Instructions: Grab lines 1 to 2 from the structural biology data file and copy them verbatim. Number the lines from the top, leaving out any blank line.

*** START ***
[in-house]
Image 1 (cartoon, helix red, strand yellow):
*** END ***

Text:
[in-house]
Image 1 (cartoon, helix red, strand yellow):